Sep 26, 2019

Revenue from marijuana vaping products dips 15% amid health fears

Vape pens. Photo: Joe Raedle/Getty Images

The legal marijuana industry's revenue from sales of vaping products has dropped 15% amid health fears stemming from a vaping-related lung illness, AP reports.

Why it matters: Most of the patients who were sickened had a history of using e-cigarette products containing THC, the chemical found in marijuana, and nearly all cases were found in people who purchased products from illegal sellers. Federal and state health agencies have advised the public to stop vaping until they can find conclusive evidence about the cause of the illness.

  • Oregon, which has the only death linked to THC vapes bought at legal shops, has seen its revenue drop more than 60%.
  • New Mexico, Massachusetts, Nevada and Montana all saw revenue drops of one-third or more — while California's fell by 6%. 
  • Authorized shops are trying to "boost the public's confidence," per AP. Some are promoting their vaping products as government-tested or demanding ingredient lists from vendors. Others are scrambling to get liability insurance.

Of note: Blu e-cigarettes maker Imperial Brands became the first global tobacco maker on Thursday to warn sales and profit would be lower than expected this year due to the U.S. crackdown on vaping products, the Wall Street Journal reports.

Go deeper: Juul suspends U.S. advertising as it names new CEO

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CDC confirms 2,758 hospital cases of lung injury linked to vaping

Photo: Eva Hambach/AFP/Getty Images

There are 2,758 confirmed hospital cases of lung injury associated with vaping in all 50 states, Washington, D.C. and two U.S. territories, the Centers for Disease Control and Prevention reports as of Feb 4.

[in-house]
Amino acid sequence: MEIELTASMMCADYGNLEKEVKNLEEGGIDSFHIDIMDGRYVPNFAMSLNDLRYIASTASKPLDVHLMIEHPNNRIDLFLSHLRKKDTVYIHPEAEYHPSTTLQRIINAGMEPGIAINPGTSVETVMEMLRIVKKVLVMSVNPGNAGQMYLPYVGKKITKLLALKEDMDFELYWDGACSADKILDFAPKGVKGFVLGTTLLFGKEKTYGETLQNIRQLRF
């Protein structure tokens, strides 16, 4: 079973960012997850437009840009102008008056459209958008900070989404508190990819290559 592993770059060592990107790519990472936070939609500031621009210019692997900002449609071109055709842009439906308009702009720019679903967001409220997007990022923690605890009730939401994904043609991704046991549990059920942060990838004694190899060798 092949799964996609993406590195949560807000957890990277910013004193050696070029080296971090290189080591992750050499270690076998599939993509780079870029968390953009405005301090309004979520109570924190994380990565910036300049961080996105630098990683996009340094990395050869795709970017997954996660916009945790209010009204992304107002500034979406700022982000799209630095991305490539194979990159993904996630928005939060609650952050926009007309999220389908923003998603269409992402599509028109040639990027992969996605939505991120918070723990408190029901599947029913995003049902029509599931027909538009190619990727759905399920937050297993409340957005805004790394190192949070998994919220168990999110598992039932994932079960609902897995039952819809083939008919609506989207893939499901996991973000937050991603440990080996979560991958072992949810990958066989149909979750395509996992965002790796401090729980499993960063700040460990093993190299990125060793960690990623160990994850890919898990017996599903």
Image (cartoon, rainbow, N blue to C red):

The big picture: Nationally, most vaping-related patients with data on how they sourced products reported obtaining THC-containing products from "informal sources," per the CDC. The agency now recommends users should consider no longer vaping THC products, rather than its original claim to refrain from e-cigarettes.

Go deeperArrowUpdated Feb 11, 2020 - Health

FDA: Stop using THC vaping products

A man uses an e-cigarette in D.C. in 2018. Photo: Eva Hambach/AFP/Getty Images

The FDA released a consumer alert on Friday stating the public should not use vaping products that contain THC, the primary psychoactive component of the cannabis plant.

Why it matters: Officials from the Centers for Disease Control say that THC vape products have been linked to a majority of patients with vaping-related lung injuries, which have caused 18 deaths as of Oct. 4. There are currently 1,080 confirmed and probable cases of the lung injury, per the CDC.

Go deeperArrowOct 5, 2019

CDC: THC products linked to vaping-related lung injuries

Vaping liquids and cartridges. Photo: Spencer Platt/Getty Images

The CDC announced Friday that THC vape products have been linked to a majority of patients with vaping-related lung injuries, citing to data from 1 local and 1 national study.

Why it matters: While the CDC is not shifting its focus away from nicotine, officials said 77% of those with exposure histories reported using products that contain THC, the psychoactive component in marijuana, or both THC-containing products and nicotine-containing products.

Go deeperArrowSep 27, 2019